The market is almost split down the middle on the effectiveness of increases from the DLD in respect of transfer charges from 2% to 4%.
WIDE SUPPORT FOR EXISTING LAWS AND REGULATIONS
Respondents showed wide spread support for the existing real estate laws in Dubai with the Escrow Law and the Landlord & Tenant Law seen as the most effective. However, many called for faster implementation of the Jointly Owned Property Law citing concerns about being over charged for services in the current environment.
Interestingly, many tenants confirmed they have successfully challenged landlords who wished to evict them or increase their rent, but most have done so through negotiation rather than resorting to the Landlord & Tenant Tribunal.
There is wide support for the DLD to enable alternative financiers (i.e. other than banks) to register mortgages if they fund development. This would enable wider sources of real estate finance to be made available and ease credit squeezes cause by the banks current real estate loan concentration limits.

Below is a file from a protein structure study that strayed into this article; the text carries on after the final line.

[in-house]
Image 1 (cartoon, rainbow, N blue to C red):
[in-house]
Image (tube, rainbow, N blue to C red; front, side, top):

There is support for further regulation in relation to the practices followed by real estate brokers with many complaints about buyers being forced to accept payments to brokers who played no part in the transaction or to accept the terms proposed by the broker rather than the seller or the purchaser themselves.
INHERITANCE AND ESTATE PLANNING CONCERNS
Investors are still clearly concerned about inheritance and estate planning issues and there is overwhelming support for the recognition of family trusts and/or the use of companies from non-UAE offshore jurisdictions for real estate purchases.